That’s the article I mentioned in post 71. But I didn’t consider it credible. It appears to be one person’s blog, he says he watched all the tape and this is who the primary defender was, but he doesn’t give us any details.

      If he actually watched the tape and wanted his article to be taken seriously, I would think he’d cite: Jordan was the primary defender on Magic on X possessions, Scottie on Y possessions.

    69. Hubert

      For example:

      “It turns out that even the genesis of the myth itself is entirely flawed. After reviewing the game film from the 1991 NBA Finals, it turns out the Jordan – not Pippen – guarded Magic Johnson for nearly 85-90% of that series. The exception was the first half of Game 2 and the 2H of Game 3.”

      I mean, “nearly 85-90%” sounds to me like a guy who didn’t do all the homework he says he did. Perhaps I’m being overly cynical.

    70. GHenman

      Anybody have any idea why we didn’t get the second year team option on Copeland and Prigioni? I can’t imagine either one of them would have turned it down. I think that should be standard procedure for us until the league changes the rules to shut us down, the way they stopped us from buying picks.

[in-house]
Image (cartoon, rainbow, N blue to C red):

71. johnno

      thenamestsam: They’ll have an offer from a team under the cap that’s willing to eat Marion or a team willing to send back a 2014 1st rounder.

      I’m not so sure about that. An $8.6 million salary (plus the salary of the #13 pick) is a lot to take on for a team under the cap — wouldn’t they want to preserve cap space to try to sign a free agent? Specifically regarding the Cavs, I read somewhere they don’t want any more young guys (so they’re not real crazy about ht #13 pick). Also, I don’t think that a team would trade a 2014 pick (supposedly a loaded draft) for the #13 pick in a supposedly weak draft. Then again, maybe I am just convincing myself that the Knicks are the only team that makes sense for Dallas to do a deal with…